The best way to control whiteflies is by early prevention, and plants that typically have a high infestation of whiteflies should be removed to prevent further infestation. A less drastic solution is to remove leaves that have become heavily infested or vacuum flies off plants by using a small handheld vacuum. Hosing down or syringing plants that have become infested can also help to remove a number of the pests.
Reflective mulch or aluminum foil can be used to keep whiteflies away from vegetable gardens, while sticky traps help to keep down the number of flies that gather on plants. The use of insecticidal soaps and neem oil can also reduce the number of whiteflies on plants, but neither method can get rid of the pests completely.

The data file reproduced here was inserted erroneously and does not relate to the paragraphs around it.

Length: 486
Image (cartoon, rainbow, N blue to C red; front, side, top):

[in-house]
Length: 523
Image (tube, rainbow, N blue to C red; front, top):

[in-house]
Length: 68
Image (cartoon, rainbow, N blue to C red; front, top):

A number of natural enemies of whiteflies can help keep these parasites under control in gardens. The number of whiteflies often rises when their natural predators are absent or have been eliminated by pesticides. These natural predators include lacewings, big-eyed bugs, minute pirate bugs and some species of small lady beetles. Some species of Scymnus and Chilocorus also feed on whiteflies. A variety of naturally occurring parasites help to maintain fly populations at manageable levels, while others are purposefully released in greenhouses to keep whiteflies under control.